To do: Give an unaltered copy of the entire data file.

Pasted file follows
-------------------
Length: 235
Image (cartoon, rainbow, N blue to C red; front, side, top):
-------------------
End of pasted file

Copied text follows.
Length: 235
Image (cartoon, rainbow, N blue to C red; front, side, top):